by Tim Grivois-Shah, Ed.d., Director of Professional Learning and Community Engagement
Schools often designate time for teams of teachers to meet as part of a Professional Learning Community. Usually, the purpose of this time is to develop a common understanding of what students need to learn, monitor student performance on different kinds of assessments, or to decide what helps students need based on their latest test scores. Teams follow a meeting template, fill out forms, and send their meeting minutes to their principal for review. And, teachers generally don’t feel these meetings are very useful.
In 2015, the Bill and Melinda Gates Foundation published a comprehensive report called “Teachers Know Best: Teachers’ Views on Professional Development.” One key finding was that, despite teachers reporting that PLC meetings often aren’t a good use of their time, principals and superintendents would happily spend more time and resources so that teachers could attend more PLC meetings.
In short, teachers say “My PLC meetings aren’t all that useful for me or my students,” while school leaders say “Let’s spend more time and money on PLC meetings.
Especially since all educators want their learners to achieve, it’s important to understand why school leaders want to do more of something that teachers really don’t want to do. The Teacher’s Know Best study asked teachers to describe what their current collaborative time feels like. It’s heartbreaking to hear, but the data describe teachers feeling “held hostage” and “wishing to be anywhere else.” Whatever is happening during what is commonly thought of as Professional Learning Community meetings does not seem to support teachers in meeting the needs of their learners. Instead, teachers are asking for a better Professional Learning Community, rooted in a culture of professional learning that is energizing, supportive, and hands-on (2015).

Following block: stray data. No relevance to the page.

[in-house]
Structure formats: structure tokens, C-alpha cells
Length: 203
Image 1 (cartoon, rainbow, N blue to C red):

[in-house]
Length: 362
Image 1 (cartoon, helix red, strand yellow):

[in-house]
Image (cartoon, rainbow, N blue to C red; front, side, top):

CITY Center for Collaborative Learning is committed to a better model of Professional Learning Community that places the teacher at the center of the conversation. Rather than meeting as a team to review the latest benchmark assessment, a trained PLC facilitator meets with a colleague to choose an important piece of work that they believe their team can help
improve. Then, with kindness and candor, the team looks at the work and provides helpful, and specific feedback that the teacher can bring back to their classroom without delay. Patrick Kelly, teacher at Paulo Freire Freedom School, says that the value of his PLC is that it is “teacher driven, and is about meeting needs of teachers. We’ve built a culture that keeps it real and responds to the problems we all have as teachers with care and compassion.”
Advocates for traditional PLC models often talk about shifting the conversation from teaching to learning. After all, no one has really taught something until someone learns something. Truthfully, though, teaching and learning happen side by side, and the children in our classrooms learn more when teachers have time to collaborate around what know matters most.
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